Anyone who has a whisper of Scottish heritage will be aware that 25 January is Burns Night, that annual celebration of three of Scotland’s great loves: the poetry of the Bard of Ayrshire, strong drink and offal. Scots, like all Celts, like to indulge in some slightly mawkish emotion, and the cold temperatures and dark evenings of January seem an ideal time to wallow in some homesickness and/or national pride.

You will find Burns Clubs all over Scotland, of course, and in many Caledonian establishments south of the border, but they are farther-flung too: Winnipeg, Milwaukee, Melbourne. All of them, more than 250, are connected by the Robert Burns World Federation, perhaps the best example of Scottish imperialism. The first Burns supper was held in Alloway in 1801, nine men sitting down to a meal of haggis and sheep’s head. They have not moved on so very far, though women are now welcomed and there are usually alternatives for those who can’t quite face a meal so heavily based on innards.

The key ingredients to a successful Burns supper are relatively simple. There ought to be haggis, neeps and tatties (turnips and potatoes: this is not haute cuisine), whisky to drink and at least some guests with a working knowledge of Burns’s poetry: the Selkirk Grace, a traditional Scots observance from the 17th century, usually opens proceedings, and the centrepiece is the arrival of the haggis, accompanied by a piper, and the recitation of Burns’s Address to a Haggis, usually by one of the more flamboyant and outgoing celebrants.

This is, of course, the first Burns Night since the covid pandemic fully hit Europe, and the UK is mostly under lockdown, so there will not be raucous and convivial gatherings of tartan-bedecked revellers clutching bottles of Speyside and Island whisky. No overheated halls, tight collars and sweaty foreheads, no acres of thick tartan, no dancing or reeling. Like most other aspects of life, many suppers have been transferred to the virtual world, and will be enjoyed in small boxes on a laptop screen.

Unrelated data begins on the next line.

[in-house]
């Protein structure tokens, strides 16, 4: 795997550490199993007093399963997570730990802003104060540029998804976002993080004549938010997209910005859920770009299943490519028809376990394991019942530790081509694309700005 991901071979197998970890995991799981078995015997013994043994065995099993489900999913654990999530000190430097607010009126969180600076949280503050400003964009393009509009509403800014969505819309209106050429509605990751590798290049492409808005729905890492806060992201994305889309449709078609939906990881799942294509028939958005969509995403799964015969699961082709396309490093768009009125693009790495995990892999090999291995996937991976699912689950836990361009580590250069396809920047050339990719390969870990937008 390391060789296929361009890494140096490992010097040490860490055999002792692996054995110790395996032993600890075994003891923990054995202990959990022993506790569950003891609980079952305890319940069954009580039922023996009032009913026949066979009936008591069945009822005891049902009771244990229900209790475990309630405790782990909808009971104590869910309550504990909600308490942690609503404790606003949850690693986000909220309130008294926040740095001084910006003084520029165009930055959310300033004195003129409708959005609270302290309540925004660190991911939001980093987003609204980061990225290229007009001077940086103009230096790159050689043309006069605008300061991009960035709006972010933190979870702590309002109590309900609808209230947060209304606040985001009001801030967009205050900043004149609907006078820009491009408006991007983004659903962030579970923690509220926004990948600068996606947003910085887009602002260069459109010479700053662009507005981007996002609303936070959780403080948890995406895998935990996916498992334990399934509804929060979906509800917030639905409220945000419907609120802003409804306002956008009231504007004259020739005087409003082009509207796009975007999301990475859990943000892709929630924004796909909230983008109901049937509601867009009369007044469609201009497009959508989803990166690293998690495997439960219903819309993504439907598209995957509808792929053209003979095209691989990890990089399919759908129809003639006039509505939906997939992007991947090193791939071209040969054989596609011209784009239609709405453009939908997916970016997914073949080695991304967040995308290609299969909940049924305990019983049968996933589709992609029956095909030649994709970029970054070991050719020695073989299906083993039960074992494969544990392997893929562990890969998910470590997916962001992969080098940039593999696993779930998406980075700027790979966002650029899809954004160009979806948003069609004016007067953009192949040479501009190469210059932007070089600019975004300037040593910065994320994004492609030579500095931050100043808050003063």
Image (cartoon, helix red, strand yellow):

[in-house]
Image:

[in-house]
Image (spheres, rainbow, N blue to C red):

Perhaps we will, in some way, be given the gift of seeing ourselves as others see us, then, across Zoom or Teams or some other teleconferencing platform. We must take our cups of kindness on our own or in our support bubbles, and enjoy the community, the fraternal feeling that Burns at his best brings out, across the ether.

It may be a timely reminder of the power of friendship and the durability of its bonds. One of Burns’s most famous poems explicitly asks this question:

Should auld acquaintance be forgot, and never brought to mind? Should auld acquaintance be forgot and days of auld lang syne?

Robert Burns, The Octagon, Dunedin, NZ 2

The answer should be a resounding no, and the way we have adapted to the pandemic suggests that we are a resilient species. It has of course been horribly difficult for some, and loneliness is an affliction we must all guard against, but what has been heartening is how many friendships have been rekindled and deepened in these times of crisis.

So if you are attending a virtual Burns supper, do so with joy, and fondness, and friendship. Strip away the flummery, the tartan and rough scent of whisky on hot breath, and the occasion is reduced to its essence. It is the human condition, as Burns understood very well.

But deep this truth impress’d my mind:

Thro’ all His works abroad,

The heart benevolent and kind

The most resembles God.

Scots around the world may not feel especially God-like in the aftermath of Monday’s revelry, but they will have shared a special bond, however strained by distance. Location is a geographical accident. Where ye feel your honour grip, let that aye be your border.

Eliot Wilson

Eliot Wilson is policy editor of Culturall. A writer and strategic adviser, he is co-founder of Pivot Point Group, and is also a columnist for The Daily Telegraph and City AM. He was previously a clerk in the House of Commons.